Here's a summary of what I said at the Progress Oshkosh forum last night. I spoke extemporaneously, so my summaries are not completely verbatim.

Opening Statement:

I'm Tony Palmeri and I'm asking for your support on April 3.

In my opening statement I want to focus on the word "progressive." Progressive cities have three things going for them: strong schools, strong neighborhoods, and a government that is open, forward looking, and responsive.

In Oshkosh we are lucky to have strong schools, including the great UW Oshkosh at which we are having the forum.

We have some strong neighborhoods, but this is an area that needs work. Deferred maintenance and neglect have created a situation in which we have too much inequality between neighborhoods.

And unfortunately, we do not have a government that is open, forward looking, and responsive. In fact, I am running for office this year because our government is closed, backward looking, and unresponsive.

As an 18 year resident of this city, and as someone with a reputation for asking tough questions designed to hold local leaders accountable, I'm running to open up our government, promote a forward looking agenda, and make City Hall responsive to citizens at the grassroots level--including organizations like Progress Oshkosh.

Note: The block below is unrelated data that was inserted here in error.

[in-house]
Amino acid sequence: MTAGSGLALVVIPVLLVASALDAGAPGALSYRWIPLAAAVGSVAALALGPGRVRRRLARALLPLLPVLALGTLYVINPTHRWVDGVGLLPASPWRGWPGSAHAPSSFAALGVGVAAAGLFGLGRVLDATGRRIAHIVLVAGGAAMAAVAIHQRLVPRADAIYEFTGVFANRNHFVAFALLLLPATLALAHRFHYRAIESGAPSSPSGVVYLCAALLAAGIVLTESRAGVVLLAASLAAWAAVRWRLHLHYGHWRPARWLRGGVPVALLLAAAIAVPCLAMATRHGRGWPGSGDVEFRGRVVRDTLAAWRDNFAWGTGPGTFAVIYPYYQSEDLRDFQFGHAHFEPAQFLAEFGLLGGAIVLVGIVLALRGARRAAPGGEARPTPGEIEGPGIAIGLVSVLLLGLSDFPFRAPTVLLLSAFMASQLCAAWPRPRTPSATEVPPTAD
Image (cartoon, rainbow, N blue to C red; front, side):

Please vote for Tony Palmeri on April 3.

Question 1: How do you feel the accoutability of the city manager should be evaluated? Has the council done an adequate job of assessing the performance of the city manager and providing substantive feedback to the community?

Palmeri statement: The Council/Manager form of government is based on a corporate model in which the City Manager is the Chief Executive Officer, the Common Council are the Board of Directors, and the people are the Shareholders.

As I've campaigned around town, the shareholders are telling me they have little confidence in the Board of Directors or the CEO. The shareholders want accountability.

At a minimum, we need to have an annual shareholder's meeting at which the people get to provide the Board of Directors with feedback on how things are going in City Hall. We also need to sponsor a survey, perhaps created by the Center For Community Partnerships right here at UW Oshkosh, that could be used to provide continuous feedback.